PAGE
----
Brexit may part of it, but only part of it, Paul – those same billionaires are less able to control what happens in the whole EU, because it is a much larger entity.

  • Good and helpful article Alice.

  • Simon McGrath 14th Apr '16 - 2:17pm

    This is a very good article but there is one thing I dont think iS quite right:
    “That means if you decide to get your income from, say, your fees for speaking at corporate dinners paid to a services company (a la Ken Livingstone), you could avoid paying the difference between the corporation tax rate and what would have been your income tax rate – that saving can be up to 30%”
    In order to be able to use the money in the company you have to pay dividends – which are then taxed. Osborne has just put through a big increase in the tax on dividends so while there are advantages they are nothing like 30%

  • You claim that Blairmore’s off-shore status did not help it to avoid UK corporation tax, since it would not have been liable to pay such tax even if it had been in the UK.

    Yet several respected commentators – such as Robert Peston and Ed Howker, the Independent hack who first covered Blairmore in 2012 – have stated categorically that Blairmore’s off-shore location enabled it to avoid paying UK corporation tax.

    Moreover, Michael Crick has helpfully tweeted an extract from Blairmore’s 2006 prospectus which asserts unambiguously that the directors deliberately located the company off-shore so as to avoid being liable for UK corporation tax :-

    https://twitter.com/MichaelLCrick/status/718397165735960576

    Why would the Blairmore directors (Ian Cameron being one of them) say such a thing, if what you are telling us here is true?

    As an aside, David Cameron told Robert Peston that “anybody” could have bought units in Blairmore, but the FT reports that investors had to stump up a minimum of £100,000! Sickening.

  • On a financial note :-

    “The Camerons made roughly 7.5% interest compounded annually over 13 years, so in the boom years of the early noughties it was a solid (but not stellar) rate of return.”

    Actually the stock market stiffed during the early noughties. Between 1997 and 2010 the UK stock market grew by the equivalent of barely 1% per annum (with the average managed fund performing hardly any better), so I’d suggest Blairmore’s performance was a lot more stellar than you think. (I’m assuming Cameron was receiving his dividends during the period rather than reinvesting them, since Peston’s interview gives that impression.)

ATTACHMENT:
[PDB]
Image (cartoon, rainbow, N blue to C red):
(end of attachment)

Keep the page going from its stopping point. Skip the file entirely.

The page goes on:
In the five years since Cameron cashed in, the Blairmore fund value has apparently nosedived. Very lucky – or shrewd! – timing by our PM.

  • Martin Land 14th Apr '16 - 2:50pm

    I’m the first person to attack a Tory, if not for good reason then just because they are a Tory.
    But Cameron has done nothing wrong. The fund he invested in was perfectly legitimate and he did not avoid CGT as he wasn’t liable for it. Ahhh, I hear you cry, but perhaps it was unethical. But nearly all of us have a pension pot or company pension of some sort and a chunk of that will be invested in similar funds. Let’s get off this silly moral high horse and concentrate on those individuals and companies who really are screwing the system.

  • Alice

    Shhhhh. Don’t interrupt the No. 10 press operation while they are setting themselves on fire.

    They are doing a spectacular job of not explaining the situation. I’m going to sit it out until they have done maximum damage before commenting. There are several approaches that could be deployed to educate on the situation but they are not trying any of them.

  • @Martin Land
    Are you seriously suggesting there is any similarity at all between a low-paid worker putting a few quid in to a pension fund each month, and not really understanding how that money is used, and a wealthy businessman setting up an off-shore fund deliberately for tax-avoidance purposes (see Michael Crick tweet above) for use exclusively by “high net worth” individuals?

  • Alice Thomas 14th Apr '16 - 3:11pm

    Stuart – there are several different types of fund, which are then treated differently depending on their sources of income and how they pay out taxation, and its not been publicly discussed exactly which kind Blairmore is so I cannot be certain. What I can say is that authorised investment funds in the UK, as far as I understand them, are officially taxed at a special low corporation tax rate (currently 20%), but are actually expected to distribute any income to investors each year in what HMRC describes as “interest dividends”, and then can use these to set off against any profit made. The effect is that they pay out all they make each year and don’t ever incur a corporation tax liability.